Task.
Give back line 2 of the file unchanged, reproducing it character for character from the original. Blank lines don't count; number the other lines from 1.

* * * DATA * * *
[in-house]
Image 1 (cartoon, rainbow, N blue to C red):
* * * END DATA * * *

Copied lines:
Image 1 (cartoon, rainbow, N blue to C red):